The California Consumer Privacy Act (CCPA) added newly-approved rules to protect your privacy and personal data from businesses, and they will make browsing websites and smartphone apps a lot less irritating.
New privacy regulation in California has been approved to ban “dark patterns,” which prohibits companies from using "confusing language or unnecessary steps such as forcing them to click through multiple screens." Basically, all those annoying ads that force or trick you to click? Say goodbye to them.
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Additional regulations under the California Consumer Privacy Act have been approved. These regulations prohibit #darkpatterns to ensure that consumers will not be confused or misled when seeking to exercise their data privacy rights. #CCPA https://t.co/BWmtYq89LZ pic.twitter.com/gw0G7pm5nYMarch 15, 2021
As reported by Gizmodo, the new rules CCPA regulations add to the regulations approved in August 2020, which protect consumers from business practices that would otherwise confuse or mislead users when seeking to exercise their data privacy rights.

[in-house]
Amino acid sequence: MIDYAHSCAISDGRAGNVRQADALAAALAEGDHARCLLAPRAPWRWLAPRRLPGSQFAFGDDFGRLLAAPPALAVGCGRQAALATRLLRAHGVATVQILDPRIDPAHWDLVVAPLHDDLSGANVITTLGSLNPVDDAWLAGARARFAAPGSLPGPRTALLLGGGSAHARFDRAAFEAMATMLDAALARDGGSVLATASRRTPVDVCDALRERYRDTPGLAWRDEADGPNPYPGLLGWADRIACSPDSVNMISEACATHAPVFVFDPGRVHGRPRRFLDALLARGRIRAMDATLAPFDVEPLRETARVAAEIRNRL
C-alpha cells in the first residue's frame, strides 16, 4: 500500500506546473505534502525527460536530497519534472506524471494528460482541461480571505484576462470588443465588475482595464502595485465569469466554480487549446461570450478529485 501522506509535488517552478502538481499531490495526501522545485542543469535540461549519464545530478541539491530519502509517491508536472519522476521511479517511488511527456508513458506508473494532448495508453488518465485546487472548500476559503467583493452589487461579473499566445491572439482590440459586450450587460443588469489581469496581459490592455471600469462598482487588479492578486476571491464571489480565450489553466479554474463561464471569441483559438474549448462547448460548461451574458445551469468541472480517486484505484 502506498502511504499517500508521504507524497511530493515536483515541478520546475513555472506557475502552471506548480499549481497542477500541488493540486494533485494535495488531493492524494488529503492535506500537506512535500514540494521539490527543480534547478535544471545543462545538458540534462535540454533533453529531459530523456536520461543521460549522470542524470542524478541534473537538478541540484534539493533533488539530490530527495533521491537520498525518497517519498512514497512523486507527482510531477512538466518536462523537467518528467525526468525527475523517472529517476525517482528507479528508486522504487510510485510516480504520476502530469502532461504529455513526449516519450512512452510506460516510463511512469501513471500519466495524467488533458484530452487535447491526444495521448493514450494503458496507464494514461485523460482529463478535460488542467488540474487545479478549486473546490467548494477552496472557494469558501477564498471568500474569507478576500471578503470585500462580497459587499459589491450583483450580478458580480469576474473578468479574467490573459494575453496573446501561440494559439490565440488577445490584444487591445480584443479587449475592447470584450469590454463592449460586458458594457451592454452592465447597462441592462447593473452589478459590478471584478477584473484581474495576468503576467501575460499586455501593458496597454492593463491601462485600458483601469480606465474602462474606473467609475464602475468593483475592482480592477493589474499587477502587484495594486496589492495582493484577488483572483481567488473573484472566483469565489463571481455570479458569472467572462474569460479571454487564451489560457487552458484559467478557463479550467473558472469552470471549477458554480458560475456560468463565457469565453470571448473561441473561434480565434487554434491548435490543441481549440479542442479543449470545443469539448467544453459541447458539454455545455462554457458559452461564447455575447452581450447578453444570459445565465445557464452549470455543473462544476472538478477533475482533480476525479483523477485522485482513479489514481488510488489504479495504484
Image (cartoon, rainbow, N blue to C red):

"California is at the cutting edge of online privacy protection, and this newest approval by OAL clears even more hurdles in empowering consumers to exercise their rights under the California Consumer Privacy Act,” said Attorney General Xavier Becerra in the press release.
The new regulations will also make it easier for users to opt-out of the sale of their personal information thanks to a blue Privacy Options icon, designed by Carnegie Mellon University’s Cylab and the University of Michigan’s School of Information. Now, businesses will need to use this tool.
As for what "Dark Patterns" are, they are tricks used on websites and apps to make consumers buy, sign up or stay subscribed to something. For example, ads displayed on a web page with a huge download button that actually redirect you to another page instead of initiating a download. A Dark Pattern is also when a business makes it hard to unsubscribe from its service by hiding the option in numerous menus.
There are many different types of Dark Patterns, from disguised ads to trick questions and plenty more. There's actually a whole site dedicated to spotting what they are right here. It was created by UX specialist Harry Brignull who coined the term.